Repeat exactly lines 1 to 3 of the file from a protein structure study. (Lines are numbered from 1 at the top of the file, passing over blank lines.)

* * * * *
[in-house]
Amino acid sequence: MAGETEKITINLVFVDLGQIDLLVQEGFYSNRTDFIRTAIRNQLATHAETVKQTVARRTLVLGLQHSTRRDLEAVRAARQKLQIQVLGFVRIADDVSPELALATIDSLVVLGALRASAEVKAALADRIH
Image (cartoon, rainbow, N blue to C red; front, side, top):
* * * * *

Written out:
[in-house]
Amino acid sequence: MAGETEKITINLVFVDLGQIDLLVQEGFYSNRTDFIRTAIRNQLATHAETVKQTVARRTLVLGLQHSTRRDLEAVRAARQKLQIQVLGFVRIADDVSPELALATIDSLVVLGALRASAEVKAALADRIH
Image (cartoon, rainbow, N blue to C red; front, side, top):